On Wednesday, August 7th, 1974, a 24-year-old Frenchman named Philippe Petit stepped out onto a steel wire strung across the 130-foot gap between the tops of the Twin Towers of the World Trade Center in New York — close to 1,350 feet above the ground. After a 45-minute performance he was asked, "Weren't you afraid that you were going to die?" While conceding, he replied, "If I die, what a beautiful death, to die in the exercise of your passion."
Parashat Sh'mini contains the important and troubling story of Nadab and Abihu. It is the eighth day of the ceremony of consecrating the Mishkan (Tabernacle) and the priests. Aaron and his sons have been sacrificing animals all week long. Fire comes down from heaven and consumes the offerings, and all is going according to plan. Suddenly Nadab and Abihu, two of Aaron's sons, bring an additional offering of incense, which had not been commanded. They are immediately consumed by Divine fire; their bodies are dragged out of the Mishkan while Aaron remains silent.
Nestled between the laws of offerings and the laws of kashrut, this is a rare narrative section in the Book of Leviticus. This is a difficult story — disobedient priests, a silent father, and a severe God — and commentators debate the precise nature of the sons' transgression, the appropriateness of their punishment, and the justice of the various characters' responses. Without minimizing or ignoring the jarring pain and discomfort that this story may bring up, I want to concentrate on Moses' first response to his brother Aaron in Leviticus 10:3:
This is what the Eternal meant by saying: "Through those near to Me I show Myself holy, and gain glory before all the people."
This is a cryptic oracle, made stranger by the fact that nowhere in the Torah did God actually say this before. The closest statement is in Exodus 29:43, when God tells Moses:
And there [at the Tent of Meeting] I will meet with the Israelites and it shall be sanctified by My Presence.
A midrash on this verse says: "Do not read bich'vodi, 'through My glory,' but bim'chubadai, 'through My gloried ones.' Moses said to Aaron, 'Aaron, my brother! I knew that this House was to be sanctified through the beloved ones of the Omnipresent, but I thought it would be either through me or through you. Now I see that they [Nadab and Abihu] were greater than either of us!' " (Midrash Vayikra Rabbah). Nadab and Abihu, in this interpretation, were motivated by their overwhelming desire to be close to God. No longer perpetrators of a betrayal of biblical law, they are, rather, overcome with religious fervor. This is the approach of the early midrash, Sifra, which states: "Overwhelmed by joy on perceiving the new fire, they sought to redouble their love." Similarly, the 18th century Moroccan kabbalist Chayim ibn Attar, the Or HaChayim, writes in his commentary on our Leviticus verse: "They approached the supernal light out of their great love of the Holy, and thereby died. Thus they died by 'Divine kiss' such as experienced by the perfectly righteous; the difference is only that the righteous die when the Divine kiss approaches them, while [Nadab and Abihu] died by their approaching it."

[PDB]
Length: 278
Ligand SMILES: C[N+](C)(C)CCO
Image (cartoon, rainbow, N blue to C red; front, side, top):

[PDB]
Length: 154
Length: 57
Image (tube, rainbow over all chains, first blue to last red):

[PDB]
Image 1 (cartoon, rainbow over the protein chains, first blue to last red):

Rashi — a medieval French rabbi and Torah commentator, who was also a vintner — quotes the Talmud in concluding that Nadab and Abihu died for entering the sanctuary in a state of intoxication. The Chasidic rabbi Yehuda Leib Alter, however, in his 19th century commentary S'fat Emet, understands this as spiritual intoxication. They were drunk on the mysteries of God's Torah, he says. They did it not out of dismissal of Torah but the opposite: out of their passionate love of Torah.
The deaths of Nadab and Abihu are linked both in the Torah itself and by later rabbis with the service of Yom Kippur, where the High Priest does exactly what they did: burn incense in the Holy of Holies. However, the institution of Yom Kippur provides structure and boundaries for that love. Thus our goal is always to find the middle ground, the balance between the drunkenness of spiritual ecstasy, and the sobriety of ritual and responsibility.
When the death-defying Frenchman Philippe Petit was asked, "Why did you do it?" he answered, "There is no why. . . . Life should be lived on the edge. You have to exercise rebellion: to refuse to tape yourself to rules, to refuse your own success, to refuse to repeat yourself, to see every day, every year, every idea as a true challenge — and then you are going to live your life on a tightrope." Imagine finding a way to fill the structures of our lives with passion and fire.
With thanks to my son Noam Sienna for his insights into this portion.
Rabbi Elyse Goldstein is the founding rabbi of City Shul, downtown Toronto's new Reform congregation. Before that, for twenty years, she was the director of Kolel: The Adult Centre for Liberal Jewish Learning. She is the author/editor of four books on women and Judaism (published by Jewish Lights Publishing).